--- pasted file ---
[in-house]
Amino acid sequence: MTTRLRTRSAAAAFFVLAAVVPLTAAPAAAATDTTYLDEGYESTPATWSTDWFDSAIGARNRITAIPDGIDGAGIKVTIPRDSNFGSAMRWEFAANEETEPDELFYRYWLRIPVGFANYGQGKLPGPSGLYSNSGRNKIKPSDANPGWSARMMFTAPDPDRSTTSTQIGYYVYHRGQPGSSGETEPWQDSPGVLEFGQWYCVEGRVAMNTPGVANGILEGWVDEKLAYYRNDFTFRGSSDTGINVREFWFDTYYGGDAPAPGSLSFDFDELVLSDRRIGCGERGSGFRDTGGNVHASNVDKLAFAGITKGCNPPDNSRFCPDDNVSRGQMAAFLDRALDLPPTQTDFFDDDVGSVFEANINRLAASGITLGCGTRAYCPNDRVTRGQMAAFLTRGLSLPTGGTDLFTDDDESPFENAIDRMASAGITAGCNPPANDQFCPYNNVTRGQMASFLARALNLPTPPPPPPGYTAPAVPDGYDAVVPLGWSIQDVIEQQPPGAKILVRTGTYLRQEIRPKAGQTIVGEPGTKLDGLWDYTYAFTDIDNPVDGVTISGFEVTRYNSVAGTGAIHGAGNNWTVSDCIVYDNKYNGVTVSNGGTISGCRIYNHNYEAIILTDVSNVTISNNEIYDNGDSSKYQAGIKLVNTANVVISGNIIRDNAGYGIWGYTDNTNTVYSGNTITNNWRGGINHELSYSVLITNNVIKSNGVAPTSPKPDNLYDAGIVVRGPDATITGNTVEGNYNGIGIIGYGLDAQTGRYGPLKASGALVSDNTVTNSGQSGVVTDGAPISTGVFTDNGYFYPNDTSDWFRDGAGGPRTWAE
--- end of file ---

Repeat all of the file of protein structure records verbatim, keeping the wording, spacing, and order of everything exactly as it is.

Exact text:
[in-house]
Amino acid sequence: MTTRLRTRSAAAAFFVLAAVVPLTAAPAAAATDTTYLDEGYESTPATWSTDWFDSAIGARNRITAIPDGIDGAGIKVTIPRDSNFGSAMRWEFAANEETEPDELFYRYWLRIPVGFANYGQGKLPGPSGLYSNSGRNKIKPSDANPGWSARMMFTAPDPDRSTTSTQIGYYVYHRGQPGSSGETEPWQDSPGVLEFGQWYCVEGRVAMNTPGVANGILEGWVDEKLAYYRNDFTFRGSSDTGINVREFWFDTYYGGDAPAPGSLSFDFDELVLSDRRIGCGERGSGFRDTGGNVHASNVDKLAFAGITKGCNPPDNSRFCPDDNVSRGQMAAFLDRALDLPPTQTDFFDDDVGSVFEANINRLAASGITLGCGTRAYCPNDRVTRGQMAAFLTRGLSLPTGGTDLFTDDDESPFENAIDRMASAGITAGCNPPANDQFCPYNNVTRGQMASFLARALNLPTPPPPPPGYTAPAVPDGYDAVVPLGWSIQDVIEQQPPGAKILVRTGTYLRQEIRPKAGQTIVGEPGTKLDGLWDYTYAFTDIDNPVDGVTISGFEVTRYNSVAGTGAIHGAGNNWTVSDCIVYDNKYNGVTVSNGGTISGCRIYNHNYEAIILTDVSNVTISNNEIYDNGDSSKYQAGIKLVNTANVVISGNIIRDNAGYGIWGYTDNTNTVYSGNTITNNWRGGINHELSYSVLITNNVIKSNGVAPTSPKPDNLYDAGIVVRGPDATITGNTVEGNYNGIGIIGYGLDAQTGRYGPLKASGALVSDNTVTNSGQSGVVTDGAPISTGVFTDNGYFYPNDTSDWFRDGAGGPRTWAE